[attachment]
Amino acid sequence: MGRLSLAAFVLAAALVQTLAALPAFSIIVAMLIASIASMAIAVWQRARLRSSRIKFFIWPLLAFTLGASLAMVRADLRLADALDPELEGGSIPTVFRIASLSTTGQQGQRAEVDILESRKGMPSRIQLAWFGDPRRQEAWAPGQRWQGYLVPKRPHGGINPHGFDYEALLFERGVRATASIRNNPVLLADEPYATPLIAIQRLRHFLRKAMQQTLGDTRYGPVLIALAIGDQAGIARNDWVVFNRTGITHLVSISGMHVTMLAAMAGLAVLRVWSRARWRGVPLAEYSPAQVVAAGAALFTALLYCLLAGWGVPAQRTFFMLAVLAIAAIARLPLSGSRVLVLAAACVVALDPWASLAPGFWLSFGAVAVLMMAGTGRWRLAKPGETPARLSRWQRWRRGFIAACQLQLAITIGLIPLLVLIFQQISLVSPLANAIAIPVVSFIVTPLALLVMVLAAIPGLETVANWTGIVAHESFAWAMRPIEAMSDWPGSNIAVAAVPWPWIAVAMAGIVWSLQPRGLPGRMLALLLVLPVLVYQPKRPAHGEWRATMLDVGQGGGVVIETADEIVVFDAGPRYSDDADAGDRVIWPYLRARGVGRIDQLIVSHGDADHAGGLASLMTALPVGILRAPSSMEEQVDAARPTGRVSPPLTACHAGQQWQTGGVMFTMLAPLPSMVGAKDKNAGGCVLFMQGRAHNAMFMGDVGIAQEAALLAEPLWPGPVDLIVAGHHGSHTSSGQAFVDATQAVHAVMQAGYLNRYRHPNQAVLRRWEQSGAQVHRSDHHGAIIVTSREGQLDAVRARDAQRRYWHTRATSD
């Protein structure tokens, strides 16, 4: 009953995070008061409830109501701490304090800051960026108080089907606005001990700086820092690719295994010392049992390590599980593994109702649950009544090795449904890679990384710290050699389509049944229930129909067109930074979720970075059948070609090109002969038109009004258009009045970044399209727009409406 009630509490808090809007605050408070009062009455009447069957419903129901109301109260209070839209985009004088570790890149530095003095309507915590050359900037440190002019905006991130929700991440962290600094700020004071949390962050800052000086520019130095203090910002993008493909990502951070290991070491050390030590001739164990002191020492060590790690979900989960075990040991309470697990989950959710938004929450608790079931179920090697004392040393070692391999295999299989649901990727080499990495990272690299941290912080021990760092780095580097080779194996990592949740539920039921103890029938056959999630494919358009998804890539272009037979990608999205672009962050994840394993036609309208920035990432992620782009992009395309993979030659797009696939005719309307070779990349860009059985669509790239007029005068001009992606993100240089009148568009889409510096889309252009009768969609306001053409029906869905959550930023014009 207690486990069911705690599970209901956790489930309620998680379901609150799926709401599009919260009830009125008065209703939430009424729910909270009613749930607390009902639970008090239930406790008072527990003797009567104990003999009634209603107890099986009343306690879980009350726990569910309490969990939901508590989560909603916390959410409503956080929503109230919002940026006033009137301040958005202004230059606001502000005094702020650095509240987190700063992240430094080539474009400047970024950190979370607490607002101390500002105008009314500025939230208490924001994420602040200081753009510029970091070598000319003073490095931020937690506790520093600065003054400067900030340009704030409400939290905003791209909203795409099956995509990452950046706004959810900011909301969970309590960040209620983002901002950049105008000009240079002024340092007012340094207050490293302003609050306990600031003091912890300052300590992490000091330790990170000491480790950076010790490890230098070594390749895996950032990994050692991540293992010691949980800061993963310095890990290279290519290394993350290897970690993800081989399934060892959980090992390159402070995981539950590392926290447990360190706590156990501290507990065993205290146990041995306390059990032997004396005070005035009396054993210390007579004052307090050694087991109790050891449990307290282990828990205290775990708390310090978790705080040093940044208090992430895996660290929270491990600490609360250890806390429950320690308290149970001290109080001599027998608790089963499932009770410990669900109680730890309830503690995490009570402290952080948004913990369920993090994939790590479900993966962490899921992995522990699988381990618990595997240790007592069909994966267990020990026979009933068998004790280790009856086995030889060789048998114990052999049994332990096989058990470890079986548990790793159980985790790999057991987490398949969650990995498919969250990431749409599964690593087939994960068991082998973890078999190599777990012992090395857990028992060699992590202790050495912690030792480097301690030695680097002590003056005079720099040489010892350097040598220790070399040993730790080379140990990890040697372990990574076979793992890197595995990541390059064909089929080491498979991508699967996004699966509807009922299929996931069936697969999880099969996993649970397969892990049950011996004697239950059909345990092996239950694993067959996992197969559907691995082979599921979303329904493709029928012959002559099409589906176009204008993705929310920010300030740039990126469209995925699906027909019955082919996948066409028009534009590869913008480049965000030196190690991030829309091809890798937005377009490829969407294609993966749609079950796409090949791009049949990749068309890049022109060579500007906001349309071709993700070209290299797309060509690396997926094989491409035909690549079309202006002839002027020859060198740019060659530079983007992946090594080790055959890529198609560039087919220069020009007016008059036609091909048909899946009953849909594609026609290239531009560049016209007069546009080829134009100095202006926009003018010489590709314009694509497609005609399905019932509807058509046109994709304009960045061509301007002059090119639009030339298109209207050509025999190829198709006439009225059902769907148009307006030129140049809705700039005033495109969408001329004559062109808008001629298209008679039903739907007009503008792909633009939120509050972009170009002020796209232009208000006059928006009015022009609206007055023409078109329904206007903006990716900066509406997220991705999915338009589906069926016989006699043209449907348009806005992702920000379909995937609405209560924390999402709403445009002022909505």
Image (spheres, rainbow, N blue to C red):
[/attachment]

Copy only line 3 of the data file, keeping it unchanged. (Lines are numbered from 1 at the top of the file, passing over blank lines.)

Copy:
Image (spheres, rainbow, N blue to C red):